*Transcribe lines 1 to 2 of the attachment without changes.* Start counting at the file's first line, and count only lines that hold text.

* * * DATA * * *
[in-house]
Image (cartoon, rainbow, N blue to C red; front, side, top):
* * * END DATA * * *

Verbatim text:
[in-house]
Image (cartoon, rainbow, N blue to C red; front, side, top):